- “There has been some research which indicates that revisiting the trauma, which I didn’t do much (because I am An Expert), can be damaging, and that repression of the experience is no bad thing…” Oh gosh, I should have just tried that! Except, you know, those good old anxiety attacks and hypervigilance, where my heart pounds in the middle of the night. Oooh! I’d bloody miss those! NOT. It’s Not Actually A Choice. I am not ‘revisiting’ my trauma for any other reason than that I am forced to, by my own bloody brain. Actually, I lie. I am revisiting the trauma out of choice in one instance, publicy, in national media, despite my fear of being judged by people like you. Because I am sick to death thousands of women who have experienced trauma and who need to talk about it being silenced by attitudes like this. Thousands of women who need to feel less alone for ever having the misfortune of being affected by birth trauma. Thousands who need to understand it so they can seek out appropriate treatment. I am ‘revisiting the trauma’ because why should any of us suffer silently? The birth you speak of evidently didn’t result in PTSD for you, of which you should be very glad. Because if you did, you would not be talking of how you didn’t do much revisiting of it, night and day, and night and day for TWO YEARS OF YOUR LIFE AND COUNTING.
- “Be grateful. Thousands of women would give anything for dozens of medical staff with equipment.” Thanks for pointing out that for me. Because I wouldn’t have been grateful for the safe arrival of the love of my life otherwise. I totally would have forgotten that, what with the 24/7 care that I give her, the writing of every new word she utters, the hundreds of videos of messy spaghetti dinners, the hand that lays across my face at night, smelling of Playdoh and Weetabix. It just wouldn’t have crossed my mind to be grateful at all. No, not with the sleepless nights I spend, laying awake panicking that she might not be alive in the morning (thanks hypervigilance!). I am well aware that I am lucky, that my baby made it out alive. I am well aware that we are among the fortunate ones, with access to medical provisions. It doesn’t change the fact that both my baby and I have been suffering the aftermath of living with a debilitating mental condition for years after the event of her arrival, as a direct result of the treatment of medical staff who delivered her. I am not grateful for that, not for one second. And neither should I be asked to be.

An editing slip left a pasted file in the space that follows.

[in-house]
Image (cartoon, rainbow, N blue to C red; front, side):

- “The medical staff had to focus on the urgent task of delivering your baby rather than comforting you. You and your daughter are safe, and that was their goal.” I really wish that people like you stopped assuming that the health and safety of one patient merits the total disregard of another patient’s health and safety. I am not asking for doctors to give me a pat on the head in the middle of a medical emergency. I am asking for them to treat both patients with equal regard for their health and well-being, both mental and physical.
- “You seem to have chosen an environment with no pain killers. Perhaps you should not have been allowed to make such a choice?” Yes, you’re totally right. The answer to birth trauma is to remove all choice from the birthing mother. How silly of me.
So, there you go. It’s a beautiful display of ignorance and idiocy, isn’t it? And here we stand, in the face of it. Saying you will not shut us down, trolls. Because every one of you has a mother. Every one of you has a sister, an auntie, a cousin or friend who will have gone through birth trauma silently, because of these kind of hurtful and ignorant comments. And for as long as comments like these continue, women will fear speaking out about their birth trauma because of your judgement and lack of empathy. And at the most vulnerable time in their lives, these mothers and their children, your loved ones, will continue to be impacted by a mentally crippling condition. And nothing will change for the birthing mothers in future, your daughters.
So, for every one of you who has felt obliged to share your ‘wisdom’, here’s mine. Suck up some facts on PTSD and birth trauma before you comment on something you know nothing about please. Step away from trolling the comments section for a moment and see if you can learn something about how it feels to live through trauma and its aftermath, from this blog perhaps, or even from opening your ears and hearts to your actual real live family members and friends, some of whom will certainly have experienced it first hand. Whatever you do, for goodness sake, stop silencing hundreds of thousands of women with your bloody minded ignorance. And when you realise what a massive problem this is, you are welcome to say sorry here, and join us in campaigning for better maternity care for your daughters and granddaughters whenever you like.
PS – if you’re looking for some real tips on how to prepare yourself for birth and whether it can avoid birth trauma, you can check out some proper advice on that here.